Published: 12th May 2015
Some superstitious sportsmen and women feel they have no chance of achieving glory without lucky items but only one nation has relied on a pair of lucky socks to achieve success - New Zealand.
Kiwis like nothing better than to beat the world in rugby and sailing and one of New Zealand's most famous sons achieved considerable glory on the waves with a pair of lucky red socks.
Sir Peter Blake was the head of Team New Zealand when it won the America's Cup for the first time in 1995.
Given him by his wife Lady Pippa Blake as a present, Sir Peter wore the red socks on the first day of the event as the NZL 32 vessel Black Magic won the first race.
He wore them again and it was just a family thing at first, Lady Pippa says. However, soon people cottoned on to it as Black Magic won all the races and the lucky socks became famous. The New Zealand team won the event 5-0.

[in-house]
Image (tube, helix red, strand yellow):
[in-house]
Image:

The socks became a potent symbol of support for the New Zealand team in the event in future years and helped it bring in as much as $500,000 in funds.
Sir Russell Coutts, the skipper of NZL 32 in 1995, said the red sock craze allowed people to be more emotionally connected to the team.
Sadly Sir Peter died in 2001 when he was shot by pirates while on an environmental exploration trip in Brazil.
But during the last America's Cup in 2013, red socks were on show once more during Emirates Team New Zealand's challenge.
Lady Pippa says people still leave red socks on his headstones some 20 years after she gave them to her husband.
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